My youngest brother is a historian who specializes in American colonial and Revolutionary War history. He has just published a new book, Boston’s Massacre.
Eric is a very good writer, and the Boston Massacre gives him a fun and interesting topic. Here are excerpts from a few of the reviews:
In Boston’s Massacre, Eric Hinderaker brilliantly unpacks the creation of competing narratives around a traumatic and confusing episode of violence. With deft insight, careful research, and lucid writing, Hinderaker shows how the bloodshed in one Boston street became pivotal to making and remembering a revolution that created a nation. (Alan Taylor, author of American Revolutions: A Continental History, 1750–1804)
Seldom does the book appear that compels its readers both to rethink a signal event in American history and reexamine powerful assumptions about historical knowledge itself. It’s even rarer for an author to accomplish so formidable a feat in prose of sparkling clarity and grace. But this is such a book, and Eric Hinderaker just such an author: Boston’s Massacre is a gem. (Fred Anderson, author of Crucible of War: The Seven Years’ War and the Fate of Empire in British North America, 1754–1766)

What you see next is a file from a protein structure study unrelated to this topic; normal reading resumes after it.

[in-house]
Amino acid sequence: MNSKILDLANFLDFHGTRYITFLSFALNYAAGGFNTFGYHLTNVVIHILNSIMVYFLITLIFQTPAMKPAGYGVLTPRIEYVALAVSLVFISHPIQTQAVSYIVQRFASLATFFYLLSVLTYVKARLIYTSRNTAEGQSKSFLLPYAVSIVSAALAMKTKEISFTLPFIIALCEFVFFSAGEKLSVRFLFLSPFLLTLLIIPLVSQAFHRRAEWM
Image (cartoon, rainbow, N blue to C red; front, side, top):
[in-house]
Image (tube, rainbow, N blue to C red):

Hinderaker illuminates the events of March 5, 1770, from a host of unexpected angles, from its military origins and the possibility of an additional shooter, to the Kent State comparison that thrust itself upon the nation two hundred years later. (Woody Holton, author of Abigail Adams)
Eric Hinderaker widens our understanding of the Boston Massacre and the origins of the American Revolution. By setting this stirring event in the context of New England’s involvement in Britain’s colonial wars, and by depicting the occupying British army as a social force of considerable power, this elegant book gives us a far richer account of how military occupation pushed Boston into rebellion. (Mark A. Peterson, author of The Price of Redemption: The Spiritual Economy of Puritan New England)
You can order Boston’s Massacre from Amazon.